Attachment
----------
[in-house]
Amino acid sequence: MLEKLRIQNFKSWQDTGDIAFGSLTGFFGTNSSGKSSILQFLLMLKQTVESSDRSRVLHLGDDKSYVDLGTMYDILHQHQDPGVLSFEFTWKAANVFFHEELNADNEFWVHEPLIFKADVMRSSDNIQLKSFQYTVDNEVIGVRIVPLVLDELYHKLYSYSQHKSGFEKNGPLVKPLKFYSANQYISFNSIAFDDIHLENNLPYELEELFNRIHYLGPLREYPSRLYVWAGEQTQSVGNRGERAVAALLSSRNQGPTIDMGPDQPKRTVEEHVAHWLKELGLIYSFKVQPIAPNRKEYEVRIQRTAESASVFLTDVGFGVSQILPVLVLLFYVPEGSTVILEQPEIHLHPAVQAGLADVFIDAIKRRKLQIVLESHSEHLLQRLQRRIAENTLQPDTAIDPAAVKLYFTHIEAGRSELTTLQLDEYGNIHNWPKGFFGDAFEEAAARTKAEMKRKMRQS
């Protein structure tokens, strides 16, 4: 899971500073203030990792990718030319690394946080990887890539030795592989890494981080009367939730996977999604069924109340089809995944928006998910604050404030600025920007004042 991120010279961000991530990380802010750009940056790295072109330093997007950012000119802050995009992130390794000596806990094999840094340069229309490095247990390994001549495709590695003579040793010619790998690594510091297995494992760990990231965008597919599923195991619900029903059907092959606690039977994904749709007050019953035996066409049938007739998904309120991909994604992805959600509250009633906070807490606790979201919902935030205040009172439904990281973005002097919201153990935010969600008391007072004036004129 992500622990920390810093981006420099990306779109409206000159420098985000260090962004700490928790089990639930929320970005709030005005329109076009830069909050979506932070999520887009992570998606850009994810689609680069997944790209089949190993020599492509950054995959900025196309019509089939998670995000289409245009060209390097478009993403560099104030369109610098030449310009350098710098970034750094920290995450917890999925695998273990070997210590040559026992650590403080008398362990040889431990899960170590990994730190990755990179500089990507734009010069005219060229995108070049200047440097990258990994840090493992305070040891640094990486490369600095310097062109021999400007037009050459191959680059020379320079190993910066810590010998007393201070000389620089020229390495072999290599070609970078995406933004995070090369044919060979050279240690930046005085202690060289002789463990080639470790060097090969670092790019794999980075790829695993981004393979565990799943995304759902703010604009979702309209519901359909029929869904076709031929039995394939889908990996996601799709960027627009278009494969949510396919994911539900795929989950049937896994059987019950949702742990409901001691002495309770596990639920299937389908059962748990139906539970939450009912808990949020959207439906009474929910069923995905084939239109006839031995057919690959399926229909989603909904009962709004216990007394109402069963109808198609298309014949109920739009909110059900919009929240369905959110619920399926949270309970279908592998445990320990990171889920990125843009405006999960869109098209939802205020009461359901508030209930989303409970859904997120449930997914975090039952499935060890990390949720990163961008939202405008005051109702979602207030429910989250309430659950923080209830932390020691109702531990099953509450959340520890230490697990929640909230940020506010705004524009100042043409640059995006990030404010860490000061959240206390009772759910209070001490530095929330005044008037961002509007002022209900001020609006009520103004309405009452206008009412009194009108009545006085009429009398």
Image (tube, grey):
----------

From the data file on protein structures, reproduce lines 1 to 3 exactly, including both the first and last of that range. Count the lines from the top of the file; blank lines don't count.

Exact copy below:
[in-house]
Amino acid sequence: MLEKLRIQNFKSWQDTGDIAFGSLTGFFGTNSSGKSSILQFLLMLKQTVESSDRSRVLHLGDDKSYVDLGTMYDILHQHQDPGVLSFEFTWKAANVFFHEELNADNEFWVHEPLIFKADVMRSSDNIQLKSFQYTVDNEVIGVRIVPLVLDELYHKLYSYSQHKSGFEKNGPLVKPLKFYSANQYISFNSIAFDDIHLENNLPYELEELFNRIHYLGPLREYPSRLYVWAGEQTQSVGNRGERAVAALLSSRNQGPTIDMGPDQPKRTVEEHVAHWLKELGLIYSFKVQPIAPNRKEYEVRIQRTAESASVFLTDVGFGVSQILPVLVLLFYVPEGSTVILEQPEIHLHPAVQAGLADVFIDAIKRRKLQIVLESHSEHLLQRLQRRIAENTLQPDTAIDPAAVKLYFTHIEAGRSELTTLQLDEYGNIHNWPKGFFGDAFEEAAARTKAEMKRKMRQS
């Protein structure tokens, strides 16, 4: 899971500073203030990792990718030319690394946080990887890539030795592989890494981080009367939730996977999604069924109340089809995944928006998910604050404030600025920007004042 991120010279961000991530990380802010750009940056790295072109330093997007950012000119802050995009992130390794000596806990094999840094340069229309490095247990390994001549495709590695003579040793010619790998690594510091297995494992760990990231965008597919599923195991619900029903059907092959606690039977994904749709007050019953035996066409049938007739998904309120991909994604992805959600509250009633906070807490606790979201919902935030205040009172439904990281973005002097919201153990935010969600008391007072004036004129 992500622990920390810093981006420099990306779109409206000159420098985000260090962004700490928790089990639930929320970005709030005005329109076009830069909050979506932070999520887009992570998606850009994810689609680069997944790209089949190993020599492509950054995959900025196309019509089939998670995000289409245009060209390097478009993403560099104030369109610098030449310009350098710098970034750094920290995450917890999925695998273990070997210590040559026992650590403080008398362990040889431990899960170590990994730190990755990179500089990507734009010069005219060229995108070049200047440097990258990994840090493992305070040891640094990486490369600095310097062109021999400007037009050459191959680059020379320079190993910066810590010998007393201070000389620089020229390495072999290599070609970078995406933004995070090369044919060979050279240690930046005085202690060289002789463990080639470790060097090969670092790019794999980075790829695993981004393979565990799943995304759902703010604009979702309209519901359909029929869904076709031929039995394939889908990996996601799709960027627009278009494969949510396919994911539900795929989950049937896994059987019950949702742990409901001691002495309770596990639920299937389908059962748990139906539970939450009912808990949020959207439906009474929910069923995905084939239109006839031995057919690959399926229909989603909904009962709004216990007394109402069963109808198609298309014949109920739009909110059900919009929240369905959110619920399926949270309970279908592998445990320990990171889920990125843009405006999960869109098209939802205020009461359901508030209930989303409970859904997120449930997914975090039952499935060890990390949720990163961008939202405008005051109702979602207030429910989250309430659950923080209830932390020691109702531990099953509450959340520890230490697990929640909230940020506010705004524009100042043409640059995006990030404010860490000061959240206390009772759910209070001490530095929330005044008037961002509007002022209900001020609006009520103004309405009452206008009412009194009108009545006085009429009398």